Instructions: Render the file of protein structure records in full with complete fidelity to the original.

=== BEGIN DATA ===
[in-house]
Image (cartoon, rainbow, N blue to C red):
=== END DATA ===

[in-house]
Image (cartoon, rainbow, N blue to C red):